(191bu) Protein Detection Using Paper-Based Graphene Ink Biosensors from a Flexographic Proofer

Authors: 
Turpeinen, D. G., Michigan Technological University
Heldt, C. L., Michigan Technological University
Minerick, A., Michigan Technological University
Perger, W. F., Michigan Technological University
Fukushima, H., XG Sciences
King, J. A., Michigan Technological University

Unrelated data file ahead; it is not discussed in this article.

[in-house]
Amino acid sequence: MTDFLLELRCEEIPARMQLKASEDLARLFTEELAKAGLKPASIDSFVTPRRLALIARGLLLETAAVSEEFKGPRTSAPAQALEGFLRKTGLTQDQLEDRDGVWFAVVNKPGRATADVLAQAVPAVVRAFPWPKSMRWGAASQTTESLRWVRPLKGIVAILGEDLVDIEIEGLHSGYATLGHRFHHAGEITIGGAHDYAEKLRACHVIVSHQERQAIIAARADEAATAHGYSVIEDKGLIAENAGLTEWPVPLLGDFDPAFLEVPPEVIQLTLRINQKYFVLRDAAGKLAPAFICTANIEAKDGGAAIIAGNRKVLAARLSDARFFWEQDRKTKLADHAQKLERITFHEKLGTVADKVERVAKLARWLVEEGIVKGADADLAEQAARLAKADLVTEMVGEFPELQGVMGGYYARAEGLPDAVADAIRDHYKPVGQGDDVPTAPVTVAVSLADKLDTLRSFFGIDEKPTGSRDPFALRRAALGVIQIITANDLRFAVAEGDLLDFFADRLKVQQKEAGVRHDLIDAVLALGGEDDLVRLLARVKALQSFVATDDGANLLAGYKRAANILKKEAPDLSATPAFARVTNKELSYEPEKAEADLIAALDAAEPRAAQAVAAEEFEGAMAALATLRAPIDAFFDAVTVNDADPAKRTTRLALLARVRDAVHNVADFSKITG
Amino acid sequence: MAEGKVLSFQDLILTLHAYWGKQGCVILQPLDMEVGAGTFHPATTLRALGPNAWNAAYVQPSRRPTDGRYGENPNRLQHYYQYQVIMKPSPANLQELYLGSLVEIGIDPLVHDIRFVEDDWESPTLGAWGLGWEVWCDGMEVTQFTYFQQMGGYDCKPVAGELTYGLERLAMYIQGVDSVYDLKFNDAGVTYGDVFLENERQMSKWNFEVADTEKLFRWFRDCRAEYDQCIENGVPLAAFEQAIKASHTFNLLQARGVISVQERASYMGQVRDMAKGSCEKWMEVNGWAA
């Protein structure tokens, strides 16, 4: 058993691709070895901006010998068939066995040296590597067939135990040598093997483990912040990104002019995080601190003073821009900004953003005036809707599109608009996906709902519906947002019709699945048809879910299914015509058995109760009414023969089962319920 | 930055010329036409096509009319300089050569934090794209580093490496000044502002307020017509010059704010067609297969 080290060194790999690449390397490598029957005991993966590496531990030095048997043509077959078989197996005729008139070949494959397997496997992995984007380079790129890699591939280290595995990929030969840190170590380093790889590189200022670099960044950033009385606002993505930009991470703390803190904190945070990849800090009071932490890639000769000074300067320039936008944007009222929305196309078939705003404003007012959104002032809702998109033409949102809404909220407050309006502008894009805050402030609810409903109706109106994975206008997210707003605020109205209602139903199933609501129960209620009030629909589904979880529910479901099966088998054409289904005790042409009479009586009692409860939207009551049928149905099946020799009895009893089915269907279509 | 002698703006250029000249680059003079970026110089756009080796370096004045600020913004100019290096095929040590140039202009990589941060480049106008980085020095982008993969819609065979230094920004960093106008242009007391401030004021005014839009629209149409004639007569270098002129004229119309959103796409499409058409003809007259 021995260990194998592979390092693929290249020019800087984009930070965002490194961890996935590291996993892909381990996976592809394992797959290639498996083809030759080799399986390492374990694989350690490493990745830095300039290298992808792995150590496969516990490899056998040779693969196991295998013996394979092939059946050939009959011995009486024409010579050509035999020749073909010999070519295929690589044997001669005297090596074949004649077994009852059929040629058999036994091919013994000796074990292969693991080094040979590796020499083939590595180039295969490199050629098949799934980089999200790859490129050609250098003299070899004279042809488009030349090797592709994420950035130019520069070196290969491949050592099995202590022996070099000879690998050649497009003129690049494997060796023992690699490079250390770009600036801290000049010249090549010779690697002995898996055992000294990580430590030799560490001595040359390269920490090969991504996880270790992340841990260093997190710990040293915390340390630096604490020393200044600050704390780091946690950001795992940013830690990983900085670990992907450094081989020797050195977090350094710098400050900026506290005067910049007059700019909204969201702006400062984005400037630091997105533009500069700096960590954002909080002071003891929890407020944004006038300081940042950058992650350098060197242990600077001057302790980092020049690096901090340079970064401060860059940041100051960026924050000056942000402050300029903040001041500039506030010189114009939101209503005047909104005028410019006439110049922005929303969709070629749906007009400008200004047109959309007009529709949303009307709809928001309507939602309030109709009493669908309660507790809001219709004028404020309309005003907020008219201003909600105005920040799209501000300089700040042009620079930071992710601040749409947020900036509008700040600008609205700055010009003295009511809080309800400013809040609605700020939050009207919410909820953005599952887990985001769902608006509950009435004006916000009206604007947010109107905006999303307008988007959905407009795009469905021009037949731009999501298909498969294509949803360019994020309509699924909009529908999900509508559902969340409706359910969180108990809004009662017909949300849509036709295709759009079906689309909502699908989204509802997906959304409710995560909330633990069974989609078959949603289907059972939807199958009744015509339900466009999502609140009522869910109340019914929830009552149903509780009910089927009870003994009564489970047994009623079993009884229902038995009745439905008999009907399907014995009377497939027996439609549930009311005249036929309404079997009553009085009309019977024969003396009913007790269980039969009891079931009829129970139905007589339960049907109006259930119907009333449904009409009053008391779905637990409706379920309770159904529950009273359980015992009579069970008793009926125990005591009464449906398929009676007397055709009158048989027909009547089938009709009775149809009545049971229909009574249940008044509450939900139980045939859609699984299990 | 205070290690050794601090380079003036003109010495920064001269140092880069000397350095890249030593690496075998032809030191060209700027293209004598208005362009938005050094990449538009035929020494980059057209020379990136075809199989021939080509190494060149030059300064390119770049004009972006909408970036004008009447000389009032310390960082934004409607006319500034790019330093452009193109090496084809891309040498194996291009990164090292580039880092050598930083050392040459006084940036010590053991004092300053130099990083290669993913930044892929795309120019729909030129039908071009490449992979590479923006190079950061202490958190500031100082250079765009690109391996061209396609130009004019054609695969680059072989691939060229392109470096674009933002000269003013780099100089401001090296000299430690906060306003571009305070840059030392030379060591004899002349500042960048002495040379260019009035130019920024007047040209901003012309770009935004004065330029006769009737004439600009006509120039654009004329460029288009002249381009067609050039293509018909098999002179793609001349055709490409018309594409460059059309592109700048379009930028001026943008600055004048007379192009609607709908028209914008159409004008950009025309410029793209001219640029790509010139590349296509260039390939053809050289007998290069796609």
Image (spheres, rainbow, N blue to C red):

A low-cost graphene ink-based biosensor was developed using a flexographic proofer with paper and non-paper substrates. Due to low-cost materials and an easy-to-follow device fabrication procedure, these biosensors are attractive as lab-on-a-chip devices for rapid diagnosis. These biosensors require no pumps for testing, and testing can be performed on a multimeter in a matter of minutes. A printing procedure was developed to fabricate biosensors using graphene inks from XG Sciences on which electrical resistivity measurements can be performed to detect bovine serum albumin (BSA) in phosphate buffer (PB). Various paper substrates including copy paper, chromatography-grade filter paper, and Tyvek were used with different size anilox rolls for printing. A polyethylene terephthalate (PET) substrate was used as a non-porous printing substrate for a control with protein detection tests. From electrical resistivity measurements on a Keithley 2400 SourceMeter, the graphene ink-copy paper biosensors were able to detect the presence of BSA in a PB solution. These biosensors can be further enhanced by functionalizing with anti-BSA to specifically bind and detect BSA in a non-ideal solution. Paper-based, graphene biosensors have the high potential to aid in the development of inexpensive biosensors that could prove useful in medical diagnostics in underdeveloped countries.